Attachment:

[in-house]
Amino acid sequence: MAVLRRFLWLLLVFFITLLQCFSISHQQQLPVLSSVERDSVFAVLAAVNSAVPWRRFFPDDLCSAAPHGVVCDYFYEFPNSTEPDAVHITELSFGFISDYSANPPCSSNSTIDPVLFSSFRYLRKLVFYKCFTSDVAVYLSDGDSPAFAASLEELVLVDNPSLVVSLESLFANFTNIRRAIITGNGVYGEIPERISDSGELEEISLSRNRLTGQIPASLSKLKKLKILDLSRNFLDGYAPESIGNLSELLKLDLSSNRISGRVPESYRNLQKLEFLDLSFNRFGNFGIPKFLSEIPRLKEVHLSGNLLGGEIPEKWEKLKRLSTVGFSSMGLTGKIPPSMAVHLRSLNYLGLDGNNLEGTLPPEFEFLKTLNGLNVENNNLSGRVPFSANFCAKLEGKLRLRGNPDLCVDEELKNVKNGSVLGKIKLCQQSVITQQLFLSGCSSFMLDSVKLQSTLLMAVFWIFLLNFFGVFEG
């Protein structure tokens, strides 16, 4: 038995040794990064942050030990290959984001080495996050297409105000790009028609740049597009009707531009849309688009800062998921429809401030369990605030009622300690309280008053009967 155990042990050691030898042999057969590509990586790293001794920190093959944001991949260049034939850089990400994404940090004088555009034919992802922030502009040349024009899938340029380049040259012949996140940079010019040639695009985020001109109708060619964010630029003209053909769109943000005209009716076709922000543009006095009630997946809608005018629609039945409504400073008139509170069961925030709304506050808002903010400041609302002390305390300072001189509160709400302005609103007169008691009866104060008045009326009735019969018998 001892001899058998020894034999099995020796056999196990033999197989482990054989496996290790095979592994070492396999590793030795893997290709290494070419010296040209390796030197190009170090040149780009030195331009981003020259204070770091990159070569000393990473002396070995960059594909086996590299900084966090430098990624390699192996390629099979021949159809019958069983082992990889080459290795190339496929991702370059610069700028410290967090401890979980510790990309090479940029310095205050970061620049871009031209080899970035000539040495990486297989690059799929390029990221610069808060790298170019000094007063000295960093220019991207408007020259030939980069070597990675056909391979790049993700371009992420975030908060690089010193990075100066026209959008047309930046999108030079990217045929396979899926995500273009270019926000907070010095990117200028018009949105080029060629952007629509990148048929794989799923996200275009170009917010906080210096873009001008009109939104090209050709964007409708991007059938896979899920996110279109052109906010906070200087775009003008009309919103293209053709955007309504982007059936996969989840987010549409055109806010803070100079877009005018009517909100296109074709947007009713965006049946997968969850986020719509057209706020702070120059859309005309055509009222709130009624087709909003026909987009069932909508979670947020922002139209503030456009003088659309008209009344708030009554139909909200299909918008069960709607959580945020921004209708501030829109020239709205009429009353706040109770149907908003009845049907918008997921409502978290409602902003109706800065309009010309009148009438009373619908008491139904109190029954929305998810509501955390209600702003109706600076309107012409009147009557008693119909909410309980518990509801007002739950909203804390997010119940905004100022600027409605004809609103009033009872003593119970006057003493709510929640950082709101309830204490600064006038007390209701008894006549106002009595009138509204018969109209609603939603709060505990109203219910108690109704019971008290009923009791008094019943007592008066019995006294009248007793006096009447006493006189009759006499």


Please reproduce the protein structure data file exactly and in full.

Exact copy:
[in-house]
Amino acid sequence: MAVLRRFLWLLLVFFITLLQCFSISHQQQLPVLSSVERDSVFAVLAAVNSAVPWRRFFPDDLCSAAPHGVVCDYFYEFPNSTEPDAVHITELSFGFISDYSANPPCSSNSTIDPVLFSSFRYLRKLVFYKCFTSDVAVYLSDGDSPAFAASLEELVLVDNPSLVVSLESLFANFTNIRRAIITGNGVYGEIPERISDSGELEEISLSRNRLTGQIPASLSKLKKLKILDLSRNFLDGYAPESIGNLSELLKLDLSSNRISGRVPESYRNLQKLEFLDLSFNRFGNFGIPKFLSEIPRLKEVHLSGNLLGGEIPEKWEKLKRLSTVGFSSMGLTGKIPPSMAVHLRSLNYLGLDGNNLEGTLPPEFEFLKTLNGLNVENNNLSGRVPFSANFCAKLEGKLRLRGNPDLCVDEELKNVKNGSVLGKIKLCQQSVITQQLFLSGCSSFMLDSVKLQSTLLMAVFWIFLLNFFGVFEG
């Protein structure tokens, strides 16, 4: 038995040794990064942050030990290959984001080495996050297409105000790009028609740049597009009707531009849309688009800062998921429809401030369990605030009622300690309280008053009967 155990042990050691030898042999057969590509990586790293001794920190093959944001991949260049034939850089990400994404940090004088555009034919992802922030502009040349024009899938340029380049040259012949996140940079010019040639695009985020001109109708060619964010630029003209053909769109943000005209009716076709922000543009006095009630997946809608005018629609039945409504400073008139509170069961925030709304506050808002903010400041609302002390305390300072001189509160709400302005609103007169008691009866104060008045009326009735019969018998 001892001899058998020894034999099995020796056999196990033999197989482990054989496996290790095979592994070492396999590793030795893997290709290494070419010296040209390796030197190009170090040149780009030195331009981003020259204070770091990159070569000393990473002396070995960059594909086996590299900084966090430098990624390699192996390629099979021949159809019958069983082992990889080459290795190339496929991702370059610069700028410290967090401890979980510790990309090479940029310095205050970061620049871009031209080899970035000539040495990486297989690059799929390029990221610069808060790298170019000094007063000295960093220019991207408007020259030939980069070597990675056909391979790049993700371009992420975030908060690089010193990075100066026209959008047309930046999108030079990217045929396979899926995500273009270019926000907070010095990117200028018009949105080029060629952007629509990148048929794989799923996200275009170009917010906080210096873009001008009109939104090209050709964007409708991007059938896979899920996110279109052109906010906070200087775009003008009309919103293209053709955007309504982007059936996969989840987010549409055109806010803070100079877009005018009517909100296109074709947007009713965006049946997968969850986020719509057209706020702070120059859309005309055509009222709130009624087709909003026909987009069932909508979670947020922002139209503030456009003088659309008209009344708030009554139909909200299909918008069960709607959580945020921004209708501030829109020239709205009429009353706040109770149907908003009845049907918008997921409502978290409602902003109706800065309009010309009148009438009373619908008491139904109190029954929305998810509501955390209600702003109706600076309107012409009147009557008693119909909410309980518990509801007002739950909203804390997010119940905004100022600027409605004809609103009033009872003593119970006057003493709510929640950082709101309830204490600064006038007390209701008894006549106002009595009138509204018969109209609603939603709060505990109203219910108690109704019971008290009923009791008094019943007592008066019995006294009248007793006096009447006493006189009759006499």